Zaslavskiy also admitted that only $300,000 was raised, not $1.5 million (or $2.8 million as he claimed at least once), according to the transcript. Zaslavskiy told the SEC the million-dollar estimate was based on a verbal agreement with a Ukrainian banker–whose exact name he could not remember–and that there are no records of their negotiation because Ukrainian bankers “like face to face,” the interview transcript shows.
And when asked that morning whether REcoin was led by “an experienced team of brokers, lawyers and developers,” as his company’s promotional materials stated, Zaslavskiy responded, “No.
Zaslavskiy’s apparently fraudulent claims about the team behind RECoin aren’t necessarily unique in the ICO world, highlighting the need for investor diligence. “You see all these teams that are coming together and the question is, are they even a valid team or have the images of these people been robbed off of Google Images?” Radocchia says. “I’ve heard a few cases of that happening.”
Though we know now that there was no real estate backing the tokens he was selling, things appeared to be going well for Zaslavskiy’s REcoin ICO early last summer. He launched the campaign in August and secured about $300,000 from investors (despite claiming much higher figures) for several weeks.
But then investors were told, on September 7, that Zaslavskiy was “changing our strategy.” He told investors the government had “interfered” in the real estate project, so he was pivoting from real estate to diamonds via DRC. It was a bold move, given that a few months later, during his September SEC interview, Zaslavskiy admitted that he had not purchased any diamonds with which to back his new offering.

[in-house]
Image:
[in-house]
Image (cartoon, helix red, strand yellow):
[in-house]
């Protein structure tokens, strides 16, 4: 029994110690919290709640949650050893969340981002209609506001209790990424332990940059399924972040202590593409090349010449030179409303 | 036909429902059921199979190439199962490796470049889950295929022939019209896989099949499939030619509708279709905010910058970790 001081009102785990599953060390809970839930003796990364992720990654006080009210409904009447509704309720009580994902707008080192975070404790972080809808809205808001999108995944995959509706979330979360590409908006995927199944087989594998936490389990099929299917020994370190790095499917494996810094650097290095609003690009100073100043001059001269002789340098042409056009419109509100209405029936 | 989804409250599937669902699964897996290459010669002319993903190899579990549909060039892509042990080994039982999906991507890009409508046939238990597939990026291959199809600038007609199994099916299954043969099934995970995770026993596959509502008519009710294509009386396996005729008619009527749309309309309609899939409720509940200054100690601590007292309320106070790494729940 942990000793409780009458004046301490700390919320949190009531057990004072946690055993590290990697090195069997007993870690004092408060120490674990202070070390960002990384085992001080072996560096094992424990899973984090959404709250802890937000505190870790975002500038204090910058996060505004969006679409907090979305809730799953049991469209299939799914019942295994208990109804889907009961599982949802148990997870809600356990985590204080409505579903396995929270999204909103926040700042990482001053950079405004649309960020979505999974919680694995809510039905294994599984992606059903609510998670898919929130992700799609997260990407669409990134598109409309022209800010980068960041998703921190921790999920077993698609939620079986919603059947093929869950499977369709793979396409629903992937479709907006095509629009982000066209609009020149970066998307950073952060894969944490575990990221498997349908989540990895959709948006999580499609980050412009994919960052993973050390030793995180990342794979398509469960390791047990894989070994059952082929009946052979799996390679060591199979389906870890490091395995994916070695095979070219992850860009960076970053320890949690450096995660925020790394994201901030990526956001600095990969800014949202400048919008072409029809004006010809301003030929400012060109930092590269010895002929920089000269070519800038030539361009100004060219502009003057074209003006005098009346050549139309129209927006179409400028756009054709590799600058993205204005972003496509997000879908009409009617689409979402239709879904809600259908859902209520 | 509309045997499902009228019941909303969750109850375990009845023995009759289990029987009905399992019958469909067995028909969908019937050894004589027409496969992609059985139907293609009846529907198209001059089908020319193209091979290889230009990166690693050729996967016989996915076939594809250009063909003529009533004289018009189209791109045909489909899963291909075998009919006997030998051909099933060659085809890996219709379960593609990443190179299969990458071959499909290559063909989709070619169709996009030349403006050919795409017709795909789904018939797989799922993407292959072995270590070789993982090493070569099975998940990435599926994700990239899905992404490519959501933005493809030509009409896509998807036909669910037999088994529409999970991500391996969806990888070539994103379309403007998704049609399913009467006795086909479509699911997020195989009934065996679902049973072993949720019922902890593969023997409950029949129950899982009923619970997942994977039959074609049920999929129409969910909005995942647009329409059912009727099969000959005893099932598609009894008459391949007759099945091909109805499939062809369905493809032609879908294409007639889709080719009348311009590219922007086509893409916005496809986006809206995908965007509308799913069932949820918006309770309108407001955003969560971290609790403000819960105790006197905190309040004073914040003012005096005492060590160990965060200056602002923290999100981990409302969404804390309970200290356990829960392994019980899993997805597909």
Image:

“On August 7, REcoin went live raising over $1.5 million in direct REcoin token purchases during the first three days of the resale,” the press release said. “The trust in our project became so vast that another $2.3 million in expected earnings were generated as a result of the REcoin pre-sale success.”
“Unfortunately, at that point the U.S. government did what it does best–interfered. In no uncertain terms, it let us know that we’re not allowed to take steps to maintain the level of liquidity of our real estate holdings to keep your investments safe and secure, and our community truly decentralized and rid of any outside influence.”
It’s not clear whether or how the government may have interfered in the REcoin ICO. According to a court document that prosecutors filed in March, the SEC contacted Zaslavskiy twice regarding REcoin, on August 15 and 29. In response, Zaslavskiy told SEC staff attorneys that he was traveling and would not return to the U.S. until later in September. During the interview with the SEC in September, Zaslavskiy told Tenreiro his claim that the government interfered with his ICO was a mistake by one of his employees in Ukraine.
“What is that?” Tenreiro asked after reading the claim.
“A fuck-up,” Zaslavskiy said.
Tenreiro: “I’m sorry?”
Zaslavskiy: “I didn’t write all of that. But, the person who wrote this, this and this, he screwed it up . . .”
Tenreiro: “Did anyone in the U.S. government let you know in–”
Tenreiro: “So, that’s not true?”
The defendant then tried to explain, though not very clearly, that he abandoned the real estate ICO because “we were changing the hedging and the way he wrote it, it’s basically stating that we made the mistake as far as legal-wise. When we didn’t make a mistake. We were afraid for hedging part.”